• Update the audioPlaying state value if shouldPlay is true. React will ignore this step if shouldPlay already matches state.audioPlaying.
  • If isLoaded is true, then<gender>Ready will update to true. This allows the button to change from a loading state to a ready state.
  • If autoPlay is turned on (via some global state management), and the audio has not yet auto played, then the audio starts playing with audioController.playAsync(), and another state update happens to reflect the auto play happening (we don’t want continuous auto-plays and re-render loops!).

Note that the whole auto play logic is wrapped in a setTimeout statement of 700 milliseconds. This is purely for user experience, so the button updates to the ready state, and then to the playing state, in a timely manner for the user to acknowledge.

As stated earlier, this logic is defined for each audio clip, as they are both being processed concurrently.

Rendering the component

The remainder of the function deals with rendering the button itself. This is not a focus of this piece, but the reader can rely either on React Native Button, or create their own UI.

Material UI contains some very useful Button components that support icons, labels and key functionalities out of the box. To integrate a Material UI button with your audio controllers, refer to my article: React: Theming with Material UI.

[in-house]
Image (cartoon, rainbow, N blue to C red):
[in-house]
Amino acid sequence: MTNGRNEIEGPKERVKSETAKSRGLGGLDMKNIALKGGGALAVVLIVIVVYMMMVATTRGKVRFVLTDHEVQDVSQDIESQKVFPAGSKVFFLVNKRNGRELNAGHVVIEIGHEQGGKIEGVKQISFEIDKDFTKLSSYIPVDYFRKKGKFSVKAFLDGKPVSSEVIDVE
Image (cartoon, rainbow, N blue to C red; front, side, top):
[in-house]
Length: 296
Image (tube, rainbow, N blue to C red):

The Gist to follow contains the entire <PlayButton /> component implementation:

In Summary

This article has introduced the reader to Expo AV, the best React Native solution for audio, video and audio recording at this current time. The Expo AV API was introduced along with its key functions. After this we walked through a comprehensive solution for managing multiple audio clips, that splits logic between a Controller class and <PlayButton /> component.

This controller / component approach has worked best in my experimentation with the API. Having the expo-av methods wrapped in a simpler class definition makes managing the audio clips more streamlined on the component side. The component can focus on state updates, event listener logic, and managing the component lifecycle, whereas the controller can handle the audio requests and audio control, such as playing and stopping the audio.

I hope the reader can now apply or adapt these solutions in their own projects!

Expo AV documentation can be found on their Audio page and AV API Reference. The Controller class can be found here, and PlayButton component here.

Programmer and Author. Director @ Creator of for iOS.